In the mid- to late 1990s, Linux earned a reputation as a "stealth" OS. Network administrators, asked to do a great deal with few resources, turned to Linux, sometimes even when it wasn't an approved solution in their organizations. In some cases, Linux replaced Windows servers that were expensive, balky, or unreliable. One of Linux's greatest tools in accomplishing this task without raising eyebrows was Samba, a server that handles the Server Message Block (SMB) protocol, which now also goes by the name Common Internet Filesystem (CIFS). SMB/CIFS is the file- and printer-sharing protocol used atop NetBIOS, a common set of network protocols on local networks dominated by Windows systems. In other words, Samba lets a Linux system function as a file and print server for Windows computers. Samba does this job very well, and its capabilities are improving.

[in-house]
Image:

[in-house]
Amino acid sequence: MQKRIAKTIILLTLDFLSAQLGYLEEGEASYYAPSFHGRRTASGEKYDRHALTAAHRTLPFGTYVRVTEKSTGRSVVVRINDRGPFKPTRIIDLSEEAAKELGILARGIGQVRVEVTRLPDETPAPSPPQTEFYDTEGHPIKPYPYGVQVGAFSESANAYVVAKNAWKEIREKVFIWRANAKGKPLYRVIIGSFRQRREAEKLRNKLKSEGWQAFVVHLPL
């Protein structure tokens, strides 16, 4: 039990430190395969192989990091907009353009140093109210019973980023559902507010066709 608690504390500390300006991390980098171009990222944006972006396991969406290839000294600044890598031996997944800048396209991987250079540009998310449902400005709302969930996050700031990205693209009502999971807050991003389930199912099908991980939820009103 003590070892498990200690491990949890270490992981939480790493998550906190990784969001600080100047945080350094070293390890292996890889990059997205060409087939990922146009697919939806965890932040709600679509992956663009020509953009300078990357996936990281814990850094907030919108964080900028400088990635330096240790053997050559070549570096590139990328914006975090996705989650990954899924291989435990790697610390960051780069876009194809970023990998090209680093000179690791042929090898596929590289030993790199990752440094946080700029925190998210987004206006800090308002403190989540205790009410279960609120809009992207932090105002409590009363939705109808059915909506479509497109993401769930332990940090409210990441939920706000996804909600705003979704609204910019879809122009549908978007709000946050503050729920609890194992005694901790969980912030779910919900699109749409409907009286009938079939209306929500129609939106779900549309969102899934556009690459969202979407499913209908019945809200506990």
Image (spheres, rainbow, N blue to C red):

This chapter begins with a look at the role of Samba in a network, then moves on to general Samba configuration. These general options include configuring Samba to take on the roles of domain controller, master browser, and NetBIOS name server ”NetBIOS functions that aren't directly related to file serving but that are often found on NetBIOS networks. Samba's file- and printer-sharing features are fairly straightforward, but you may need to set some parameters to alter some default behaviors. This chapter concludes with a look at how you can use Samba's automation features to do things you might not ordinarily associate with file and print servers.
Although you can get a Samba server running to a minimal extent without making extraordinary changes to its configuration files, Samba is a very complex package with many options. The Samba man pages provide unusually detailed descriptions of its configuration file format, so type man smb.conf for details on specific parameters. If you need an in-depth tutorial introduction to Samba, there are several books on the topic, including my Linux Samba Server Administration (Sybex, 2001) and Eckstein and Collier-Brown's Using Samba (O'Reilly, 1999).